The Bavaria studios' special effects are superb. They were still using large miniatures at that time, but the artistry of the angles chosen, and the water and front-projection effects are excellent. There's a wildness to the water that excites the men, and the angles of the sub surfacing and cruising are very impressive, making the standard effects in older Fox films like Hell and High Water look like over-lit toys in a wading pool. The later benchmark for sub pictures The Hunt for Red October uses CGI imagery to excess. Optimized images show the camera chasing torpedoes underwater along with impossible views of cartoony vessels. The miniature second-unit in Das Boot shoots its models with artistry and realism.
For the first time the claustrophobia of a sub interior was properly communicated. No more four-foot-wide passageways and spacious control rooms: if someone wants to move in this boat, somebody else has to get out of the way. For camera-trick freaks there are some breathtaking POV shots chasing sailors down the length of the ship at breakneck speed, diving through portholes and bulkheads barely big enough for a man to pass. They're both thrilling and technically impressive.
Director Petersen's taut screenplay elevates the so-called Hawksian professional group to a higher plane of reality. Each man has left a life back on shore, and no joyous mythical fraternal military camaraderie provides compensation. The opening debauch of drunken seamen and officers "letting off steam" steers the story toward Paul Verhoeven territory. The idle chatter of the bored sailors is filled with casual obscenities and gross humor. It doesn't make them less admirable, however, when we see them function as a fighting unit. The captain calls them green but the dedication of these men is complete, and it's not just because they're all in the same boat, to coin a phrase. Prochnow's captain is a leader and his men follow him out of pride and love. The Chief engineer (Klaus Wennemann) is in a constant state of depression, worrying about his wife back home. The war correspondent is terrified to see his illusions of gallantry and unstoppable German might crushed. A poor slob of a kid wonders how his secret French fianceé back in port, when she has his baby, is going to explain things to her anti-German countrymen.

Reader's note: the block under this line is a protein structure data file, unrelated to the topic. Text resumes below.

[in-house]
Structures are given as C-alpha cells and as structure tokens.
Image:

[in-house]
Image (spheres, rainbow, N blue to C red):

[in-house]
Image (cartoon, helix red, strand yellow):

From the POV of war movie precedent the most interesting character is the first officer, a Nazi ideologue. He hasn't been put there to spy on the others, as was the party officer in Red October; he's a loyal crew member who just happens to be a Nazi fundamentalist. When he hears the drunken Captain Thomsen (Otto Sander, of Wim Wenders' Angels movies) criticize Hitler, you can see the blood drain from his face and his eyes start to narrow. Later on, his impeccable manners and personal grooming make him stick out from his comrades, and even the Captain makes fun of him. But he doesn't go all to pieces. Quite to the contrary he proves a stand-up guy when the chips are down - being a Nazi doesn't make him non-functional. Not that you'd want to listen to an hour of his opinions, however.